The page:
Wright-Patt man completes hike of Appalachian Trail

  • Published
  • By Vince Little
  • 88th Air Base Wing Public Affairs

WRIGHT-PATTERSON AIR FORCE BASE, Ohio – The expedition was 15 trips and 13 years in the making, but Rob Ligas ultimately conquered the Appalachian Trail.

This past summer, the Air Force retiree and longtime 88th Civil Engineer Squadron member made a final push through the arduous “100-mile wilderness” to wrap up his nearly 2,200-mile hike from Amicalola Falls and Springer Mountain, Georgia, to the stony heights of Katahdin, Maine’s highest peak.

Over the years along the 14-state trail, Ligas lost toenails, encountered bears and poisonous snakes, took tumbles on steep embankments and suffered broken bones. In the end, he joins an exclusive club.

More than 3,000 people set out each year to complete the entire Appalachian Trail and 3 million hike segments of it, according to statistics. Only 1 in 4 who attempt the feat successfully finish the full trek.

“The feeling at first was bittersweet,” Ligas said after reaching Mount Katahdin on Aug. 2. “I couldn’t believe that the journey was going to be over, but after walking the ‘100-mile wilderness’ through mud, rocks and roots and an extra 17 miles on that final section this summer, I was kind of glad to get to the top of the mountain. Mount Katahdin was very adventurous to say the least – lots of hand and fist climbing. I was very proud to finally accomplish this journey.”

Why the Appalachian Trail?

Ligas was 51 when he signed in at Amicalola Falls on Aug. 27, 2010, as the 23rd person to depart for the trailhead 8.8 miles away at Springer Mountain that day.

“The inspiration for hiking the Appalachian Trail 13 years ago began when I started reading different folks’ trail journals,” recalled Ligas, who served on active duty from 1978 to 1998 and has worked in the 88 CES lock shop as an Air Force civilian since 2002. “The words from the movie ‘Shawshank Redemption’ rang in my head: ‘Get busy living or get busy dying.’ I chose to get busy living and decided the Appalachian Trail was a great way to start that, so I began my planning.”

At the time, he lived just 5 miles from Wright-Patterson Air Force Base. To prepare for the trail’s physical demands, he began walking to and from work. He also hit the gym five days a week for work on the StairMaster and elliptical machines.

The Appalachian bid would have to be made in “section hiking” during leave stints, said Jeff Garrett, 62, a friend and 88 CES colleague who hiked alongside Ligas for a couple of days early on.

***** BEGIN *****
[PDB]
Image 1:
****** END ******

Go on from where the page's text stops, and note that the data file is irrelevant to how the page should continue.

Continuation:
“Hiking the entire length of the Appalachian Trail requires a lot of dedication, focus and perseverance,” Garrett said. “I think Rob’s accomplishment is fantastic, especially when you consider a lot of people get out of breath walking from their car in the parking lot to the desk inside the building.”

Ligas said he usually covered 10 to 20 miles a day on the trail. For the most part, he slept in designated shelters or campsites but often set up a tent, too.

Over the first decade, he carried a backpack weighing 43-48 pounds. He later reduced it to a 30-pound pack, which included a five-day supply of food and water.

Food and water weigh hikers down, so many resupply themselves by buying provisions and medical supplies in nearby towns off the trail and mailing packages to themselves at the next post office ahead.

Ligas said his meals mainly consisted of salmon packets, kippers, tuna, couscous (a grainy pasta or rice), snack olives, sardines and Meals, Ready to Eat.

“I tried to pack approximately 2 pounds per day in food,” he added. “I tried to go with anything that is full of calories – although I am usually always calorie-deficient out there.”

The Appalachian Trail itself measures exactly 2,198 miles, but that doesn’t count the added walking hikers must do for survival.

“When you get into a town, you may walk another 6 or 7 miles to get to where you need to go,” Ligas said.

Along the way, Ligas said hikers are often uplifted by “trail angels,” who will set up coolers full of soda, snacks and refreshments at various points.

“They’ll have breakfast, lunch and dinners sometimes,” he said. “One time, a guy was handing out ice cream. They give out first-aid kits, or some people will pick you up and take you into town for resupply, a shower or to recharge your electronics. It’s amazing.”

‘Spectacular’ scenery, dangers

In 2019 at Fingerboard Shelter in Southfields, New York, just before Bear Mountain, Ligas was on his final night before ending that year’s section hike. A bear ended up stealing three bags of food from him and two other hikers.